Now that I am fifty years old the gifts that I receive at Christmas tend to be designed to encourage me to do things that will not hurt me. You know. Things that point me to my favorite easy chair rather than participation in a wild eyed sporting event or even a minor league work-out. I suppose that I should make that concession to Christmas. I can't get hurt watching a dvd in my new sweater. Well, I can. But I have to work at it.

And here is the real problem. Who has the time during December to really sit down and contemplate what Christmas means? Can you honestly say that at any time during the stretch between Thanksgiving and Christmas day you are able to simply reflect on the magnitude of what this holiday means? I'm not really all that bugged by the shopping and the culinary gorging and such. I'm just irritated that the entire season slips by and I feel so pressured to "do the Christmas thing" that I never connect with Christ Himself. And you know who's fault that is? Mine. You don't run my schedule. Nobody runs my schedule but me. So it's my fault. Not yours. Certainly not God's. The gavel crashes down on nobody but yours truly.

I could go on but what's the point? I am always more tired when Christmas is over than I was when it began. I just wish that we (the church) could find some way to love Jesus out loud without having to fake it. And that is what Christmas so often seems to be. Faking it. Convincing ourselves that we are really loving and caring and self-sacrificing when we know that we are not. Not in any big scale way at least. I think that it would be really cool if, for instance, someone would just forget about the fudge and instead call me up or drop by my office and say something like, "How are you, Ron? Tell me the truth. What is on the front burner of your brain these days? Let me in on it so that I can pray for you or simply encourage you. Because I care and I don't need to spend a penny to prove it." How refreshing that would be!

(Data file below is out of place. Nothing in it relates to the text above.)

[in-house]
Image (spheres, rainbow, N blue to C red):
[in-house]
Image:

Ok, enough. This is probably a really bummer/detestable blog. I apologize if I drug you down with my thoughts. That was not my goal. Honest. But every now and then I have to just say, "Hey, this is MY blog spot and so I'm just going to write what is on my mind." And that is all that this has been. It's what is on my mind. It may or may not be close to the truth. It may or may not apply to you, the reader. I haven't a clue. It's just where my brain is. I'll probably wake up at about 3AM, burp, and be over it. So sleep tight and puh-lease don't let these mini-ranting make a dent in your tomorrow.

God is good. He can take it when I'm feeling less than exhilarted. I hope you can too...


One-Eyed Jack said...

OK, Ron. As a recovering music teacher, I certainly appreciate where you're coming from. And frankly, if I hear another PARUMPAPUMPUM, I may just fire of a cannon.

But I also love listening to Christmas music, sacred stuff, year round. I recall several years ago while driving a pizza delivery truck in Williamsburg, KY that I would listen to Michael W. Smith's Christmas album and be worshipping as I made my runs. I think that the burnout comes when we don't celebrate His coming year round, and try to make up for it in 4 weeks.

Just some thoughts.


One-Eyed Jack said...

Just another note, the incident in question occurred in July.


Ron said...

Hey, so ill conservative, thank you for your comments. i hope you'll read the blog again as I made an adjustment to it. i remembered where to point the finger ... at me. ouch! I appreciate your taking the time to read my stuff and hope that it generally blesses you and doesn't bring discouragement! I agree with you, I love music about our Savior year around. Give me some Michael W. and head phones and I can be in my own little zone for the day!
God bless... Ron